[Published in Asiaville, April 6, 2020]

On March 24, 2020, India joined the host of other countries by instituting sweeping lockdown measures to contain the community spread of Coronavirus, through social distancing. To say such a policy response has far-reaching implications for economic, political and social spheres of life is trite. Like in many crisis situations, men and women are differently affected by such measures enacted by the State. Beyond the gender inequalities that pre-exist between men and women in everyday walks of life, such policy responses also starkly allow us to see the specific risks and heightened vulnerabilities for women, even as they participate in the collective fight to stop the spread of COVID-19 throughout India.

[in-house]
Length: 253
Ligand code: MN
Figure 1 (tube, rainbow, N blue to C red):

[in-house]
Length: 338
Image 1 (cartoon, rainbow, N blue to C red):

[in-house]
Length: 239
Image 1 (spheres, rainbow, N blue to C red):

Impact on domestic violence:

Little noticed during such epidemics is the interfamily dynamics, especially in conflict-ridden homes. Lockdowns and quarantines, be it for COVID-19 or other diseases, can give rise to instances when women are at the risk of confinement with abusive partners and family members. Past studies on the Ebola outbreak in West Africa during 2014–15 showed how women and girls experienced high rates of sexual violence and abuse during the quarantine period. More recently, in China’s Hubei province, it was reported how domestic violence nearly doubled in cities under the COVID-19 lockdown.